Seed growing:Old fields which give a comparatively small yield of hay give the best crop of seed. It is ready to cut when the pods are bright brown. Late cutting causes considerable loss as the old pods easily fall off, even with the most careful handling.
Quality of seed:Commercial seed is almost always unshelled; that is, the seeds are enclosed in the pods. The pods are almost semi-circular and somewhat flattened, about an eighth of an inch long and a little less in width. Their surface is covered with a meshlike netting, which stands out in bold relief and is frequently armed with scattered spines.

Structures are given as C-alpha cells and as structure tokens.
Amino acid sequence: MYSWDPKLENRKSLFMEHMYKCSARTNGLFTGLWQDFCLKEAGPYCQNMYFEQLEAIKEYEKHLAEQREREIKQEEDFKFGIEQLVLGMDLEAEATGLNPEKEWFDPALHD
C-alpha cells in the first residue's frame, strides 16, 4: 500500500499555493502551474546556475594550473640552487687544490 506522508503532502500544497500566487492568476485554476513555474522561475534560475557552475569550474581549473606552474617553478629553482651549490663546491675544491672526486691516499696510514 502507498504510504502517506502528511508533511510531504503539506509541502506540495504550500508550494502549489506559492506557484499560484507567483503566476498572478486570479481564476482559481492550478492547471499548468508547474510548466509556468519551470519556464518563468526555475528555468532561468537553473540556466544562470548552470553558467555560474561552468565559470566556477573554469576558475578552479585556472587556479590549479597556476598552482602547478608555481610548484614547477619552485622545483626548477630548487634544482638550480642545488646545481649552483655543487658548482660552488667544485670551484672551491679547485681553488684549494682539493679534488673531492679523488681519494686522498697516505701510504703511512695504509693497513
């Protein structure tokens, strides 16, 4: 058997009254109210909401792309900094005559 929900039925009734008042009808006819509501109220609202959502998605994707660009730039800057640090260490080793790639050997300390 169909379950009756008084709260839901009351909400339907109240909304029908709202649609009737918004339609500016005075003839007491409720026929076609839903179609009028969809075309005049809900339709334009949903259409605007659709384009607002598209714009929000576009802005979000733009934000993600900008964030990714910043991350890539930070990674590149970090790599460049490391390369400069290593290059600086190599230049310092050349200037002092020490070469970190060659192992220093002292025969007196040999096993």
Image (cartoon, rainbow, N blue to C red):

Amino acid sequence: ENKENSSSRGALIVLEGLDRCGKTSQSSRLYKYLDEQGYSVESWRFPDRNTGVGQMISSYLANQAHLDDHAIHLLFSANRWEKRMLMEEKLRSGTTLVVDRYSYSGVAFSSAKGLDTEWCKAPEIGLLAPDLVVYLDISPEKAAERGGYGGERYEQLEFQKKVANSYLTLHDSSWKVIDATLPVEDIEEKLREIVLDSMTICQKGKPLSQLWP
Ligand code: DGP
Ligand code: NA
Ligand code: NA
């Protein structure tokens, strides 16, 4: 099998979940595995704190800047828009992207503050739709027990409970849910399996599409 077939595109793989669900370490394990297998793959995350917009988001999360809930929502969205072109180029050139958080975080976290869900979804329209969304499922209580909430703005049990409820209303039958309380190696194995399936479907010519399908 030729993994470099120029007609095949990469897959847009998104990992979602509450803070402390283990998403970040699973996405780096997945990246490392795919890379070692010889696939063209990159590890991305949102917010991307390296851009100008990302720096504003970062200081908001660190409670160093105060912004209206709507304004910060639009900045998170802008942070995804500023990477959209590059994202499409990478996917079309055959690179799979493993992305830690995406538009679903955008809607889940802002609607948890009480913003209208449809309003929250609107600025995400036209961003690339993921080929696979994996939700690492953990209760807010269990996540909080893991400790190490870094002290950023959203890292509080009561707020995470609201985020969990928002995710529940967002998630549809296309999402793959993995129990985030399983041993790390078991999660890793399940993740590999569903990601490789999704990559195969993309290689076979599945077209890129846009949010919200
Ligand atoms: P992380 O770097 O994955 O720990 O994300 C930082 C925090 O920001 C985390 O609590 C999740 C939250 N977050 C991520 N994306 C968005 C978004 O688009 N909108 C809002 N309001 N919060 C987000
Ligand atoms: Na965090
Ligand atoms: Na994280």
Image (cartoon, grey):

The outer edge of the semi-circle is flattened into a well-defined rim with strong, sharp teeth. Well-ripened pods are reddish-brown and have a characteristic metallic lustre, especially when not too old. The unshelled seed weighs about twenty-six pounds per bushel. The real seeds, of which there is only one in each pod, are kidney-shaped and olive-brown to chestnut.